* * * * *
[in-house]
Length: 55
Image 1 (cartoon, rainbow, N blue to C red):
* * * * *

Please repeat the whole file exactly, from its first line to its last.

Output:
[in-house]
Length: 55
Image 1 (cartoon, rainbow, N blue to C red):